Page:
Abbreviations

FE: 

Finite element

Declarations

Acknowledgements

The authors would like to acknowledge the funding from DSTL MAST STC and EPSRC under CASE award DSTL-X-1000061561.

Funding

The authors would like to acknowledge the funding from DSTL MAST STC and EPSRC under CASE award DSTL-X-1000061561.

Availability of data and materials

The datasets used and/or analysed during the current study are available from the corresponding author on reasonable request.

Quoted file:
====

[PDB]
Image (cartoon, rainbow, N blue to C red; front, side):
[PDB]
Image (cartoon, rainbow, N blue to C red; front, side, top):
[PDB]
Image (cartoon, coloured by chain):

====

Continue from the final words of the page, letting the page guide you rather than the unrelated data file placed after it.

Authors’ contributions

SDR built the numerical models and analysed the results; SDR and LI drafted the manuscript; SDR, LI and PC reviewed and edited the manuscript. All authors read and approved the final manuscript.

Competing interests

The authors declare that they have no competing interests.

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Authors’ Affiliations

(1)
Imperial College London, Exhibition Road, London, SW7 2AZ, UK